March 10th was National Women and Girls HIV/AIDS Awareness Day, but for I Choose Life Health and Wellness Center, we’re going to celebrate and educate women and girls the entire month of March. When you look at our society and see that there are over 280,000 young ladies 13 and older who are living with HIV in the United States, and some 7,402 women and young girls that were diagnosed with HIV in 2015; we’ve got to talk about it. Black women continue to be disproportionately affected by HIV, accounting for 61% of recent diagnoses but only 13% of the female population. Though most women who acquire HIV through vaginal sex, women who inject drugs are also at risk for HIV.
Now let’s not overlook the fact that we’ve made tremendous progress in recent years in reducing HIV among women. We hear all the time that we have the prevention tools to make even more progress if we work to ensure everyone has the knowledge and access to these prevention tools. But if we are to be honest, the greatest HIV/STD prevention tool is love and respect for the health and wholeness for ourselves and others. As I always say, there’s no greater prevention tool to stopping the spread of HIV and STDs than the tool of being man or women enough to be principled in our behavior. As good as PrEP is, it’s no replacement for principled behavior. So, as we celebrate Women and Girls HIV Awareness month let’s not only applaud all the wonderful medical and biomedical interventions that has done a marvelous job in sustaining life. Let’s also not forget our core value; respect for the health and wellbeing of others. Which reminds me of a quote from Dr. Maulana Karenga from his article in celebration of Women’s History month entitled, Celebrating Miracles, Wonders and Struggle. Dr. Karenga said in his article, “It is a special time to reinforce the rightful attentiveness we owe them, to reaffirm the great value we find in them, and to express in countless ways the profound respect, love and appreciation we have for them. In a word, it is a time to think deeply about and appreciate the meaning and responsibility, the glory and burden, the joy and stress, and the wonder and work of being African women in the world”. I say like Dr. Karenga, now is the time, that we as men, recognize that this is a special time for us to reinforce the rightful attentiveness we owe them, and the respect we must show them. And the respect being that we not put them in harm’s way for HIV or any other STI and there are no shortcuts.
As the awareness day theme reminds us, “The Best Defense Is a Good Offense”, take steps today to protect yourself and your partner against HIV. Knowing your HIV status helps keep you and your partner healthy. The HIV Treatment Works campaign shows how people living with HIV can get into care, stay in care, and live well. So, what can women do; I’m so glad you asked. Ladies talk about it, learn the facts about HIV, and share this lifesaving information with your family, friends, and community.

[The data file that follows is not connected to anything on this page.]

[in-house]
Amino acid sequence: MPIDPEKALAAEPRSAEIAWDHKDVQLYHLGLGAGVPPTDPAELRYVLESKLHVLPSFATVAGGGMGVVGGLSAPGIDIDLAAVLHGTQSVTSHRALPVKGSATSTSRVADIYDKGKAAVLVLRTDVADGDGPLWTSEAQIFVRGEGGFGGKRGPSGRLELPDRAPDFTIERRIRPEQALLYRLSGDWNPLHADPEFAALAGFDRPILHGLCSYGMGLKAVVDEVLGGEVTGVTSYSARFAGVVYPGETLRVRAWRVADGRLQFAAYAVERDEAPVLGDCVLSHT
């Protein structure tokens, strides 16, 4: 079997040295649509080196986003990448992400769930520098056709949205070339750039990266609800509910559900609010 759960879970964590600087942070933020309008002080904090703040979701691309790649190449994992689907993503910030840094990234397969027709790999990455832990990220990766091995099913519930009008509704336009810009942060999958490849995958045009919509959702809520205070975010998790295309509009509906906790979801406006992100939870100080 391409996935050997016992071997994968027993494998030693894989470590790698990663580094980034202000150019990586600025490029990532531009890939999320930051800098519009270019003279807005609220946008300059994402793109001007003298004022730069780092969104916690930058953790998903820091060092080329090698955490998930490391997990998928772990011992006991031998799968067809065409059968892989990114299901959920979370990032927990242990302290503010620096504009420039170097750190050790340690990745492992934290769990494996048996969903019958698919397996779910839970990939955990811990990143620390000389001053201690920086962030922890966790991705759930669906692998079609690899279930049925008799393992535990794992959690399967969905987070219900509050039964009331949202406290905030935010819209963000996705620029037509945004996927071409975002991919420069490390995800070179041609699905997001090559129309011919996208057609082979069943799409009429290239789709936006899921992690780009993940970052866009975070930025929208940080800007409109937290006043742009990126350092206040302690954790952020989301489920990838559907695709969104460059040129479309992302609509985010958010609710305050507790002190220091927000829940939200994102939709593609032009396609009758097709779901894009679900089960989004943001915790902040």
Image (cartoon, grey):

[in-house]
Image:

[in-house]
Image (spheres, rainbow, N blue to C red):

The most effective way to prevent HIV is to abstain from sexual activity and injection drug use. However, if you are sexually active or use injection drugs, today there are more tools available to prevent HIV. Use condoms the right way every time you have sex. Learn the right way to use a female as well as male condoms. Choose less risky sexual behaviors, limit your number of sexual partners and never share needles. It’s imperative that you talk to your doctor and get tested for HIV and other STI’s. It’s also important that you do some research about pre-exposure prophylaxis (PrEP) and see if this is something that would be helpful to you if you are at very high risk for HIV. Talk to your doctor about post-exposure prophylaxis (PEP) if you think you may have been exposed to HIV within the last 3 days through sex, sharing needles and works, or a sexual assault. But above all things get tested. I believe in what Mary McLeod Bethune said, “Women are to be honored and adored not just because they can bring life in the world, but because they make it worth having.”
For more information please visit: www.cdc.gov/actagainstaids.
Doing It is a new national HIV testing and prevention campaign designed to motivate all adults to get tested for HIV and know their status. As part of the Act Against AIDS initiative, Doing It delivers the message that HIV testing should be a part of everyone’s regular health routine to keep ourselves and our community healthy. He’s doing it. She’s doing it. We’re doing it. YOU should be doing it, too.